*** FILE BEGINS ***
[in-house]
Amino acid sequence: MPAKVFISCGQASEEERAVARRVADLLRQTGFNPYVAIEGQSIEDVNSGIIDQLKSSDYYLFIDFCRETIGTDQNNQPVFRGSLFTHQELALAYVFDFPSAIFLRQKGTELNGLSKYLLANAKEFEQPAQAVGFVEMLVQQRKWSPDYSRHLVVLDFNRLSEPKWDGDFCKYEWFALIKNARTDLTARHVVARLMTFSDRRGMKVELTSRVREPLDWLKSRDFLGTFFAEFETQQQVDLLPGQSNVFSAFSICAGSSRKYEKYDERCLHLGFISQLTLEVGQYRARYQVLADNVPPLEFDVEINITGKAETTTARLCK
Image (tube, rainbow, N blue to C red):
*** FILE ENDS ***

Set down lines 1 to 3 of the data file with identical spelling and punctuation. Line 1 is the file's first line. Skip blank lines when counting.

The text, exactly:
[in-house]
Amino acid sequence: MPAKVFISCGQASEEERAVARRVADLLRQTGFNPYVAIEGQSIEDVNSGIIDQLKSSDYYLFIDFCRETIGTDQNNQPVFRGSLFTHQELALAYVFDFPSAIFLRQKGTELNGLSKYLLANAKEFEQPAQAVGFVEMLVQQRKWSPDYSRHLVVLDFNRLSEPKWDGDFCKYEWFALIKNARTDLTARHVVARLMTFSDRRGMKVELTSRVREPLDWLKSRDFLGTFFAEFETQQQVDLLPGQSNVFSAFSICAGSSRKYEKYDERCLHLGFISQLTLEVGQYRARYQVLADNVPPLEFDVEINITGKAETTTARLCK
Image (tube, rainbow, N blue to C red):